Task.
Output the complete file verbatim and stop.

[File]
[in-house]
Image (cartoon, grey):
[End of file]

[in-house]
Image (cartoon, grey):